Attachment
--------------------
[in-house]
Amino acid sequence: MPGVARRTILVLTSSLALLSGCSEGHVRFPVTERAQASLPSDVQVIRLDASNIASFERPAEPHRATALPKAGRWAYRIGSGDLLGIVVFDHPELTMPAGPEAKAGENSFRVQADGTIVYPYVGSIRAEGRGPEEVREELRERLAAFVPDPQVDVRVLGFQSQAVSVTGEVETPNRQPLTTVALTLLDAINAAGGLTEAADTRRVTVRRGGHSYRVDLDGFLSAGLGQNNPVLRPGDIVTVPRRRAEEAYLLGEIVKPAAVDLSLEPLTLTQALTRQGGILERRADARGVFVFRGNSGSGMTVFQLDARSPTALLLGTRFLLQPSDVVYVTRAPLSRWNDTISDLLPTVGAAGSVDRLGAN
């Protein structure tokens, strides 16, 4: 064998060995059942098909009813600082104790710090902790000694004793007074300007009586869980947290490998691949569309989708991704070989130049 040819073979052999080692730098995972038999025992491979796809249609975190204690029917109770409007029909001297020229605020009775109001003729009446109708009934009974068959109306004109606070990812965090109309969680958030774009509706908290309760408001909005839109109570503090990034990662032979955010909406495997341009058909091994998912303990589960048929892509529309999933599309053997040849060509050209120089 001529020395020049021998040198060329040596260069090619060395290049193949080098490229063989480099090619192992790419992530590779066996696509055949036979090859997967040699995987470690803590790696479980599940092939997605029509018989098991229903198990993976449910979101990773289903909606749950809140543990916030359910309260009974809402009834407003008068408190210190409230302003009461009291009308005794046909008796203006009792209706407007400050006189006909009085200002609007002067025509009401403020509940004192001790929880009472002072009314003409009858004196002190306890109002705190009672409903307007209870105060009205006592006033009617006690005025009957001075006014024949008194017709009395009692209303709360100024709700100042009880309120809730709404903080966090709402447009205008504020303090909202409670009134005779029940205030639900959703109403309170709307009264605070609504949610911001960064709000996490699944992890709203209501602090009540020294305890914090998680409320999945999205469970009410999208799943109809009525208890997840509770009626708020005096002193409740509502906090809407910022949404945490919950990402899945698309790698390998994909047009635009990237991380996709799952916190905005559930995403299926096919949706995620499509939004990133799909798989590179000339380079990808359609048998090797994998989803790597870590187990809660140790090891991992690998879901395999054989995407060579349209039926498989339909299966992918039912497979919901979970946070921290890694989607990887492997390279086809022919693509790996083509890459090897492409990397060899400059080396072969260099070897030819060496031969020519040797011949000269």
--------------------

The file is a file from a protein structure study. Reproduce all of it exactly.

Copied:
[in-house]
Amino acid sequence: MPGVARRTILVLTSSLALLSGCSEGHVRFPVTERAQASLPSDVQVIRLDASNIASFERPAEPHRATALPKAGRWAYRIGSGDLLGIVVFDHPELTMPAGPEAKAGENSFRVQADGTIVYPYVGSIRAEGRGPEEVREELRERLAAFVPDPQVDVRVLGFQSQAVSVTGEVETPNRQPLTTVALTLLDAINAAGGLTEAADTRRVTVRRGGHSYRVDLDGFLSAGLGQNNPVLRPGDIVTVPRRRAEEAYLLGEIVKPAAVDLSLEPLTLTQALTRQGGILERRADARGVFVFRGNSGSGMTVFQLDARSPTALLLGTRFLLQPSDVVYVTRAPLSRWNDTISDLLPTVGAAGSVDRLGAN
């Protein structure tokens, strides 16, 4: 064998060995059942098909009813600082104790710090902790000694004793007074300007009586869980947290490998691949569309989708991704070989130049 040819073979052999080692730098995972038999025992491979796809249609975190204690029917109770409007029909001297020229605020009775109001003729009446109708009934009974068959109306004109606070990812965090109309969680958030774009509706908290309760408001909005839109109570503090990034990662032979955010909406495997341009058909091994998912303990589960048929892509529309999933599309053997040849060509050209120089 001529020395020049021998040198060329040596260069090619060395290049193949080098490229063989480099090619192992790419992530590779066996696509055949036979090859997967040699995987470690803590790696479980599940092939997605029509018989098991229903198990993976449910979101990773289903909606749950809140543990916030359910309260009974809402009834407003008068408190210190409230302003009461009291009308005794046909008796203006009792209706407007400050006189006909009085200002609007002067025509009401403020509940004192001790929880009472002072009314003409009858004196002190306890109002705190009672409903307007209870105060009205006592006033009617006690005025009957001075006014024949008194017709009395009692209303709360100024709700100042009880309120809730709404903080966090709402447009205008504020303090909202409670009134005779029940205030639900959703109403309170709307009264605070609504949610911001960064709000996490699944992890709203209501602090009540020294305890914090998680409320999945999205469970009410999208799943109809009525208890997840509770009626708020005096002193409740509502906090809407910022949404945490919950990402899945698309790698390998994909047009635009990237991380996709799952916190905005559930995403299926096919949706995620499509939004990133799909798989590179000339380079990808359609048998090797994998989803790597870590187990809660140790090891991992690998879901395999054989995407060579349209039926498989339909299966992918039912497979919901979970946070921290890694989607990887492997390279086809022919693509790996083509890459090897492409990397060899400059080396072969260099070897030819060496031969020519040797011949000269």